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Did the FBI have a database to check rifle ownership?

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16 minutes ago, Gerry Down said:

I'm just picturing a scene where a thug comes into the shop covered in tattoos and wants to buy a handgun. Am I going to sell it to him no questions asked or will I ask for ID?

I'm going to ask for ID.

If someone doesn't want to show ID in buying a gun, they have no business buying a gun in my opinion. 

You have formed your opinion based on a 2023 perspective. Those of us who were living in the US in 1963 and were aware of the conditions (or lack thereof) related to gun sales have no trouble with the concept of buying/selling a gun with no questions asked. In large cities, in many cases, it was a matter of "don't ask, don't tell".  As in, "Don't tell me if you're planning to use the gun I'm selling you in a crime; I really don't want to know. Serial numbers weren't tracked, and there often wasn't even a paper trail.

In 2023, that may seem incredible. In 1963, that was the norm. And it was not only in retail gun stores [in my small town, hardware stores sold guns], but many guns that changed hands in cities did so at pawnshops. And pawnshops were the kings of "don't ask, don't tell," unless you were pawning a gun. Of course, if you were pawning a gun in 1963, you could give a fake name/address, as it generally was assumed that you wouldn't be back to redeem the gun out of hock. [If you've seen any 1930s Hollywood portrayals of gangsters, there was more truth than fiction in how guns were obtained and disposed of through pawnshops.]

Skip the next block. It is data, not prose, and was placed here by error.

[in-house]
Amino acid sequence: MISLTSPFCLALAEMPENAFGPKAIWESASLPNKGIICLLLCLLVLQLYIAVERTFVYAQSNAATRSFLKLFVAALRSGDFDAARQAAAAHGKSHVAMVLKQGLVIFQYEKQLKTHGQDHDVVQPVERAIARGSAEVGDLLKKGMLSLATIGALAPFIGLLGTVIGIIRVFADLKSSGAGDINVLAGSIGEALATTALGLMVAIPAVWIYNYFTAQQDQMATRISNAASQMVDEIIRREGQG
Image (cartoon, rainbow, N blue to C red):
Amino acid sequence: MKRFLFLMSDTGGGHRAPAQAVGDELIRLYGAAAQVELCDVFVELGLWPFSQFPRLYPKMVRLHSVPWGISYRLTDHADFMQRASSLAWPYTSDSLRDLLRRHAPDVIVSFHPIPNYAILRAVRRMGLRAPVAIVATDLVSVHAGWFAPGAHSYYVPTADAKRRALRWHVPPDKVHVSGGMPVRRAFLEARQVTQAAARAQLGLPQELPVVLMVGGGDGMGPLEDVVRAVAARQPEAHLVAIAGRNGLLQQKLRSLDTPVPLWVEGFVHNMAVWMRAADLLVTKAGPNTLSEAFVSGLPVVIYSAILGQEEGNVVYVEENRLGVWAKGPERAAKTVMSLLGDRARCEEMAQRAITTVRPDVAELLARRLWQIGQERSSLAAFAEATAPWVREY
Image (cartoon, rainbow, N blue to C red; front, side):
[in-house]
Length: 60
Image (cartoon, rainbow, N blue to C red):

In another vein, I recall how many people came into my family's farm equipment business and commented how "convenient" it was for US gun manufacturers that the alleged murder weapon in the JFK case was some unknown Italian rifle. It kept the stigma off Winchester, Remington, Savage, Marlin, and all the other major US rifle manufacturers. Imagine the black eye for Winchester if one of their .30-30 rifles had been used. Or Remington if the crime had been pinned on one of their famous Model 70 rifles. Some people expressed the idea that the Carcano being tagged as the murder weapon was a bit TOO convenient.

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The gun shops that Oswald ordered his weapons from were under investigation by Senator Tom Dodd's committee in 1963 which has caused some to wonder if LHO was working to help document how easy it was to order guns by mail.

In 1963, this was a big issue to Senator Dodd because his state (connecticut) was the leading gun manufacturer in the nation and gun sales were being severely impacted by a flood of cheap, imported surplus firearms.  There were several hearings held on this problem in January, March  and May  1963.   (Juvenile Delinquency, Hearings before the Subcommittee, to Investigate Juvenile Delinquency, of the Committee on the Judiciary, United States Senate, 88th
Congress, First Session,)

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